As you adventure on, your character never gets relegated to a particular class. If you learn magic, you can still use all weapons. By the end of the game you could essentially be a sword-swinging sorcerer. I liked this gameplay; it reminded me of those old Commodore 64 games, Legacy of the Ancients and The Legend of Blacksilver. Games where pretty much everything you find, can be used for your own benefit. And trust me, you will find tons of stuff in this game. There is well over 100 different weapons to be used and various armors to be worn. Food can be found almost everywhere (berries, mushrooms, etc.) and all of it will increase your health. Magical amulets and rings can be worn and the various combinations of them will increase your character's statistics. Magical scrolls and runes are used to cast magic and strange objects tend to pop up every once in a while. The game is absolutely limitless. If you want to find something new, just pick a direction and start walking, you're bound to run into an old mine or watchtower or something. And once you do, a new mission could very well present its self.
In order to keep things straight, the game contains a hot key that brings you to the status list. Here you can read the missions you are currently working on, (including all the clues that the game automatically writes down for you) the missions you have completed and the ones you have failed. The missions are original and don't always involve violence. Remember, you are trying to get on the good side of whatever camp you want to join, so doing favors and running errands can be rewarding since prison life is all about respect. Doing these favors and defeating enemies gets you experience points, which like most RPG's, increases your health points and other statistics.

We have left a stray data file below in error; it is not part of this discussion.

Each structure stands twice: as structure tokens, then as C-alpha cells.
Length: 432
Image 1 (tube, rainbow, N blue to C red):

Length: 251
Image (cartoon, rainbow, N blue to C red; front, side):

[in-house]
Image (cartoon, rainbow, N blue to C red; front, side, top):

Of course the game's missions will involve learning other skills. These skills can be learned by being taught by the right prisoner. Some will teach you the art of lock picking while others show you how to wield different weapons. With skills like "sneaking" and "acrobatics" you know that the game is going to get really interesting. Of course, the kind of people that will teach you these skills will require their own sort of "payment." Getting your hands dirty and bloody is all part of the game.
Gothic has those polygonal graphics seen in Unreal Tournament. The environments and locations are worth the money alone. Cool looking mines and decrepit castles dot the environment. The game has some truly stunning architecture. Now, while I did run this game on high detail, every once in a while I had items in the distance blinking in and out of vision.